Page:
Manifold justice for George Floyd

Reactions to the murder verdict of a former Minneapolis police officer reflect a United States digging deeper for all the aspects of justice coming out of this tragedy.

A resident in Minneapolis takes a selfie in front of a mural of George Floyd after the verdict in the trial of former Minneapolis police officer Derek Chauvin.

Many Americans, especially those of African descent, have long looked to the justice system for affirmation that the ideal of equal treatment before the law extended to them. That affirmation came in part with the April 20 conviction of a former Minneapolis police officer for the killing of a Black man. Yet any joy on that point has been muted by calls to see justice in all its different aspects, from retribution to mercy.

A good example was the reaction of Minnesota Attorney General Keith Ellison. “Since the investigation and prosecution of this case began last May, everyone involved has pursued one goal: justice,” he said. “I would not call today’s verdict justice, however, because justice implies true restoration. But it is accountability.”

Besides the kind of justice that restores – or heals – relationships between people, civil rights veteran the Rev. Al Sharpton suggested after the verdict that justice should even extend to preventing such police killings: “We don’t find pleasure in this. We don’t celebrate a man going to jail.”

These comments reflect a country digging deeper than ever for the values-laden underpinnings of an often-marred American system of justice.

The trial itself reflected this public desire for greater understanding of justice. For one, it was televised, a rarity in Minnesota. The jury was very racially mixed and worked quickly together to reach a verdict. And two top Minneapolis police officers spoke against the excessive use of force by Derek Chauvin, breaking the “blue wall of silence” that often hides police abuse.

Mr. Chauvin himself showed no remorse, although his sentencing in about eight weeks will provide an opportunity for the family and friends of his victim, George Floyd, to speak directly to him. Perhaps then another aspect of justice might emerge – the potential to offer healing components beyond the punitive if Mr. Chauvin acknowledges his crime and its impact, accepts the grief and any forgiveness offered by the Floyd family. Rebuilding the broken bonds in our society is the more daunting task, but the most needed.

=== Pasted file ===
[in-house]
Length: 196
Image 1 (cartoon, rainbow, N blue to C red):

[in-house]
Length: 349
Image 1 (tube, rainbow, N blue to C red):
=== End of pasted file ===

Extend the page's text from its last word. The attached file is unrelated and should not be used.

Since the killing last May, much of U.S. society has moved toward a consensus on ways to prevent police brutality. State legislatures have introduced more than 1,000 police reform bills and resolutions. More than 200 cities and towns now have citizen advisory boards to monitor police conduct. A federal police reform bill in Mr. Floyd’s name passed the House and awaits action in the Senate. U.S. Attorney General Merrick Garland has launched a civil investigation into the constitutionality of the use of force by the Minneapolis Police Department.

To fulfill the promise of justice for all, said Vice President Kamala Harris after the verdict, is “not just a Black America problem or a people-of-color problem. It is a problem for every American. ... And it is holding our nation back from realizing our full potential.”

On many levels, this trial set a high standard for future cases of police abuse. Its more useful lesson is that justice is more than a fair verdict of guilt and a deserved prison sentence. Along the way, less punitive aspects of justice are not only possible but also necessary.

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